Transport Agency needs to assure Kapiti local jobs will come from X’pressway — Councillor GurunathanBy Alan Tristram
Kapiti Coast District Councillor K Gurunathan says the NZ Transport Agency (NZTA) needs to assure Kapiti people that local businesses will benefit from the planed Expressway.
He says: “While I welcome the NZTA’s statement last week that local businesses would have a chance to tender for landscaping and planting for the $630m Mackays to Peka Peka Expressway, NZTA needs to give a clear assurance how this and other business opportunities for job creation will be achieved.
The Transport Agency’s Wellington state highways manager, Rod James, said “prime consideration” would be given and that NZTA needed “to ensure we are running an open, fair and transparent tender process”. I have three points in response:
Firstly, I especially welcome Mr James’ statement that he has no doubt the expressway project will involve significant participation from local people and businesses, and its flow-on economic benefits to Kapiti will be substantial.
We need the actual opportunities to be spelt out. It’s important that NZTA, local business organisations and business facilitators like Electra and KCDC are able to sit down and work out the opportunities and how to leverage them for local benefits. I have searched and not found any such approach in other RoNs (Roads of National Significance) projects.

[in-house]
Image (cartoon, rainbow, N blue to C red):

Secondly, in relation to the appeal by struggling local nurseries for a life line, my definition of ‘prime consideration’ is for NZTA to introduce a weighting for local businesses.
Mr James has avoided specifically mentioning this. While it’s good that NZTA wants an open, fair and transparent process, the reality is that it is Kapiti’s environment that is being destroyed.
And its communities will be put through social, health and economic stress during the four-year construction phase.
The expressway may be a Road of National Significance, but the people of Kapiti need to see immediate benefits during the construction process. A weighting for local tenderers will be a concrete step towards that and NZTA must give that assurance and take steps to make that happen.
Thirdly, NZTA needs to clarify that it is really running an open, fair and transparent tender process.
Can Mr James assure the local nurseries competing in the tender process that they will not be disadvantaged by out-of-district companies sourcing their plants from Corrections CIE prisons where the use of cheap prison labour allows them to unfairly undercut commercial growers?
I understand this is a nation-wide problem faced by many commercial nurseries. And will out-of-district contractors bring low-wage migrant workers to do the planting work?